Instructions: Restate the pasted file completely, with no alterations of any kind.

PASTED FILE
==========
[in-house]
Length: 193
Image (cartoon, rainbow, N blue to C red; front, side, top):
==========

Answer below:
[in-house]
Length: 193
Image (cartoon, rainbow, N blue to C red; front, side, top):